Senators have raised questions over the operations of Tullow Oil Company in the country with residents of Turkana County saying they are yet to benefit with the firm’s presence in the country for the last 13 years.
Turkana Senator James Lomenen told members of the Senate Energy Committee who visited the company premises in Lokichar area yesterday that the host community was still suffering despite having the precious crude oil worth billions of shillings within their vicinity.
Lomenen told the committee chaired by Nyeri Senator Wahome Wamatinga that the community was yet to get its five percent share while the Turkana County government was yet to get its 20 percent share from the proceeds obtained by the company after it gets crude oil from the area.
“I would like to tell the Senate Energy committee that the local community has not been involved in the activities of Tullow Oil neither have they benefitted with its presence in this region, the locals have not been compensated for the land occupied by the company,” said Lomenen.
The Turkana Senator said that the local leaders have not been engaged by the company leadership neither have they been told about the cost of the project which will set a standard for them to demand for their fair share of earnings from oil exploration exercises which they thought would change their lives.
Kakamega Senator Boni Khalwale said that research done showed that Turkana County has the potential of producing 585 million barrels of crude oil and that it would most likely make Sh52 billion and that the financial benefits for the people of the local community and the entire country should be known.
Khalwale said that government engineers need to be part of the team carrying out the exploration exercise so that they can give the true operational standards of the company since at the moment the company activities were shrouded in a mystery and nobody can confirm the true position.
“We would like to know how the people of Turkana and the entire country will benefit by having the oil exploration exercise by Tullow Oil in the country, this company must come out clearly and tell us how our people are going to benefit while it is in the country, this should be clear to all,” said Khalwale.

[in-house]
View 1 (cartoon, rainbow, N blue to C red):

Wamatinga said that the financial soundness of Tullow Oil Company was shrouded in a mystery while there are no details of the crude oil that had already been sold by the company while there was little public participation in its activities matters which he said are of great concern.
The Nyeri Senator said that his committee will liaise with the relevant government agencies to ensure that the discovery of oil in the country does not turn into a curse for the local residents who felt that the project was not benefiting them since the company set up its operations in the country in 2010.
The committee Chairman said that they will be looking for the best practices globally in oil exploration and that they would also like to know the strategy the company is putting in place to attract funding from international finance institutions and also the validity of their operating license.
“Tullow Oil has not come out clearly on the validity of its operating license, we are also aware that some local partners withdrew due to strategic reasons, we would also follow up on the government plan to ensure the company honours its obligations to the local community and the country,” said Wamatinga.
Tana River Senator Danson Mungatana asked the company to state what it has in store for the residents of Turkana, Marsabit and Isiolo Counties where it has set up its operations and wanted to know the goodwill paid to the residents of the three counties who had a lot of expectations.
Senator Oburu Oginga wondered why the company was taking too long to carry out oil exploration asking whether it was the government bureaucracy that was slowing down its operations and that the company needs to come out clearly to state why its activities appeared to stagnate.
Tullow Oil External Affairs Manager Franklin Juma told the Senate Committee that the company was looking for international financial institutions to pump in around Sh518 million so that it can be able to achieve the targets it has set for 25 years’ strategic plan in the country. By Edwin Nyarangi, The Standard